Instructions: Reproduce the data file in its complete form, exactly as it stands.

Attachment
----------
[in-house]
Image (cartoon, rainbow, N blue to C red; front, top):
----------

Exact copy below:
[in-house]
Image (cartoon, rainbow, N blue to C red; front, top):